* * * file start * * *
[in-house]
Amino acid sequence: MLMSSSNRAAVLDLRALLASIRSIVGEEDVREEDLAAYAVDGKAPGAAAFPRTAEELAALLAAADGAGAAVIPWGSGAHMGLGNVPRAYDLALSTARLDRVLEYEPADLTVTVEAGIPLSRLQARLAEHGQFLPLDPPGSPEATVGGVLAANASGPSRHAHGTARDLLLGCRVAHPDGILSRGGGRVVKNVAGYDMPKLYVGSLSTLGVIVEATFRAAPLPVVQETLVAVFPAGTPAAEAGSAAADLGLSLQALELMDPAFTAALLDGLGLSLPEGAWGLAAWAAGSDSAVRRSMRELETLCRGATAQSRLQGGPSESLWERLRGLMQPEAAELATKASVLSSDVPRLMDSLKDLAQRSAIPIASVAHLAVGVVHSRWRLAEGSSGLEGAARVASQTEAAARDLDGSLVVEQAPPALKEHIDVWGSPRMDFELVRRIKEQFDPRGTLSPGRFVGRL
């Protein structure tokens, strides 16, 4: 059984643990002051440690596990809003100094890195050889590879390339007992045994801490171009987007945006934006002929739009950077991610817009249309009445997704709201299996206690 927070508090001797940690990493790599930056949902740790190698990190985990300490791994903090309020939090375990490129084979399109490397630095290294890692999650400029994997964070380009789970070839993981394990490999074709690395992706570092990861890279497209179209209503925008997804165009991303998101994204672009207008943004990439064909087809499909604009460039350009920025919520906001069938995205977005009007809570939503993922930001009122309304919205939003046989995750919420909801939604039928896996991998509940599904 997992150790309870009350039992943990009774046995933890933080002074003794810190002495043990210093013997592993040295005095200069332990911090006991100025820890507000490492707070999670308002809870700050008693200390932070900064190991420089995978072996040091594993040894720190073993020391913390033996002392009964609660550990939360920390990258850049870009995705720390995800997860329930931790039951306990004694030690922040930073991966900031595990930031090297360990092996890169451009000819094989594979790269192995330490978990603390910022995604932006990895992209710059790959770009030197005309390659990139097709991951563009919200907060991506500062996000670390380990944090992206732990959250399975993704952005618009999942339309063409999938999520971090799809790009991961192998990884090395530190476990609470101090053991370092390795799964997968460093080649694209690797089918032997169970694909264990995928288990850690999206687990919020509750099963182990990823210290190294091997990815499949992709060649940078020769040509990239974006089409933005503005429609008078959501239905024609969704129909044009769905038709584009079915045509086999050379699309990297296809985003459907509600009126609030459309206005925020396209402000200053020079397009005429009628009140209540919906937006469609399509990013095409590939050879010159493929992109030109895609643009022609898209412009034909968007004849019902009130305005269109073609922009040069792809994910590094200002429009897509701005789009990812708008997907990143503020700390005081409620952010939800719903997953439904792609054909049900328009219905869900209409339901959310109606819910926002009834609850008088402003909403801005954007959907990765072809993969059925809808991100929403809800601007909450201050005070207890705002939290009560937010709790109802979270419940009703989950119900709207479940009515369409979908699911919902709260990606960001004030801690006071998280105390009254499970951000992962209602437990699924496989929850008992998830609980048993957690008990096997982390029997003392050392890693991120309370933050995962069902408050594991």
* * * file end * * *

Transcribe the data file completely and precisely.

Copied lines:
[in-house]
Amino acid sequence: MLMSSSNRAAVLDLRALLASIRSIVGEEDVREEDLAAYAVDGKAPGAAAFPRTAEELAALLAAADGAGAAVIPWGSGAHMGLGNVPRAYDLALSTARLDRVLEYEPADLTVTVEAGIPLSRLQARLAEHGQFLPLDPPGSPEATVGGVLAANASGPSRHAHGTARDLLLGCRVAHPDGILSRGGGRVVKNVAGYDMPKLYVGSLSTLGVIVEATFRAAPLPVVQETLVAVFPAGTPAAEAGSAAADLGLSLQALELMDPAFTAALLDGLGLSLPEGAWGLAAWAAGSDSAVRRSMRELETLCRGATAQSRLQGGPSESLWERLRGLMQPEAAELATKASVLSSDVPRLMDSLKDLAQRSAIPIASVAHLAVGVVHSRWRLAEGSSGLEGAARVASQTEAAARDLDGSLVVEQAPPALKEHIDVWGSPRMDFELVRRIKEQFDPRGTLSPGRFVGRL
């Protein structure tokens, strides 16, 4: 059984643990002051440690596990809003100094890195050889590879390339007992045994801490171009987007945006934006002929739009950077991610817009249309009445997704709201299996206690 927070508090001797940690990493790599930056949902740790190698990190985990300490791994903090309020939090375990490129084979399109490397630095290294890692999650400029994997964070380009789970070839993981394990490999074709690395992706570092990861890279497209179209209503925008997804165009991303998101994204672009207008943004990439064909087809499909604009460039350009920025919520906001069938995205977005009007809570939503993922930001009122309304919205939003046989995750919420909801939604039928896996991998509940599904 997992150790309870009350039992943990009774046995933890933080002074003794810190002495043990210093013997592993040295005095200069332990911090006991100025820890507000490492707070999670308002809870700050008693200390932070900064190991420089995978072996040091594993040894720190073993020391913390033996002392009964609660550990939360920390990258850049870009995705720390995800997860329930931790039951306990004694030690922040930073991966900031595990930031090297360990092996890169451009000819094989594979790269192995330490978990603390910022995604932006990895992209710059790959770009030197005309390659990139097709991951563009919200907060991506500062996000670390380990944090992206732990959250399975993704952005618009999942339309063409999938999520971090799809790009991961192998990884090395530190476990609470101090053991370092390795799964997968460093080649694209690797089918032997169970694909264990995928288990850690999206687990919020509750099963182990990823210290190294091997990815499949992709060649940078020769040509990239974006089409933005503005429609008078959501239905024609969704129909044009769905038709584009079915045509086999050379699309990297296809985003459907509600009126609030459309206005925020396209402000200053020079397009005429009628009140209540919906937006469609399509990013095409590939050879010159493929992109030109895609643009022609898209412009034909968007004849019902009130305005269109073609922009040069792809994910590094200002429009897509701005789009990812708008997907990143503020700390005081409620952010939800719903997953439904792609054909049900328009219905869900209409339901959310109606819910926002009834609850008088402003909403801005954007959907990765072809993969059925809808991100929403809800601007909450201050005070207890705002939290009560937010709790109802979270419940009703989950119900709207479940009515369409979908699911919902709260990606960001004030801690006071998280105390009254499970951000992962209602437990699924496989929850008992998830609980048993957690008990096997982390029997003392050392890693991120309370933050995962069902408050594991």